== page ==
Link-O-Rama: Marlins stick with Gonzalez, Rays fire Henderson

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* All the hub-bub was apparently for nothing, because FOXSports.com’s Ken Rosenthal reports that the Marlins will stick with Fredi Gonzalez as their manager in 2010. Gonzalez won 87 games this season and 84 games last season with an extremely limited payroll and relatively modest talent, so it’s tough to see an on-field reason for why the Marlins were even thinking about canning him.
* This season the Rays set franchise records for runs scored, homers, on-base percentage, and walks, yet they fired hitting coach Steve Henderson. According to team president Andrew Friedman “there were some inadequacies offensively this year,” which is a tough sell given that Tampa Bay ranked fifth among AL teams in offense after ranking ninth in scoring during their World Series run last season.
* Jose de Jesus Ortiz of the Houston Chronicle reports that former Indians, Mariners, and Orioles skipper Mike Hargrove “has reached out to the Astros” about their managerial opening. Hargrove had a ton of success in Cleveland throughout the 1990s, but had losing records in Seattle and Baltimore, hasn’t managed since 2007, and turns 60 years old later this month.
* Joel Sherman of the New York Post reports that Omar Minaya reached out to recently fired general managers Kevin Towers and J.P. Ricciardi about possibly joining the Mets. Given his shaky job security following the Mets’ disastrous season, bringing in either former GM and putting an obvious successor in place would be an awfully risky move for Minaya.

The Cardinals lost because Trevor Rosenthal forgot to cover first base

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The Cardinals dropped Thursday afternoon’s series finale to the Mets in heartbreaking fashion. With the game tied 2-2 in the ninth inning, closer Trevor Rosenthal was trying to see his way out of a jam. The Mets had runners on the corners with two outs.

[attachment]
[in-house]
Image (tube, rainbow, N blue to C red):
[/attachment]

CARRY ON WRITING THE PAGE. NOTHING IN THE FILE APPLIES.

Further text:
Jose Reyes swung at the first pitch he saw from Rosenthal, grounding it down the first base line. Matt Carpenter snagged the ball and it looked like it’d be an inning-ending 3-1 putout, but Rosenthal didn’t cover first base. By the time he made his way to the bag, it was too late. Yoenis Cespedes touched home and Reyes stepped on the bag safely, walking the Mets off 3-2 winners.

The Cardinals, now 46-49, have dropped both series since the All-Star break.

MLB.com’s Jenifer Langosh has post-game quotes from Rosenthal and Carpenter:

Survey says: Yankees still the most hated in baseball

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FiveThirtyEight commissioned a survey through SurveyMonkey, polling 989 self-described baseball fans about their baseball fandom. They were asked which teams were their favorites both overall and by census region, which teams they found favorable among 10 randomly assigned teams, and which teams were their least favorite.

The good news for Yankees fans: the Yankees had the highest share of respondents who selected them as their favorite team. They came in at 10 percent, followed by the Red Sox, Cubs, and Braves at eight percent. The Yankees (28 percent) and Red Sox (23 percent) also made up more than half of the favorites in the northeast census region. The Yankees were third in the south (nine percent), 10th in the midwest (three percent), and sixth in the west (six percent).

The Yankees, however, were the only team with a higher unfavorable rating than favorable. 44 percent of respondents had a favorable view of the Yankees while 48 percent were unfavorable. The Phillies were next at 33 percent favorable and 29 percent unfavorable. The Yankees’ unfavorable rating was by far the highest; the Mets came in second at 35 percent.

A whopping 27 percent of respondents selected the Yankees as their most hated team. The Red Sox came in second at 10 percent followed by the Dodgers and the Diamondbacks (what?) at five percent. The Yankees were also selected as the most hated team in all four census regions: 34 percent in the northeast, 25 percent in the south, 28 percent in the midwest, and 26 percent in the west.

There has been some thought that the Derek Jeter-less Yankees, replete with up-and-coming players like Aaron Judge, may actually be likable. But this survey shows that, at least right now, they’re still the bane of many baseball fans’ existence.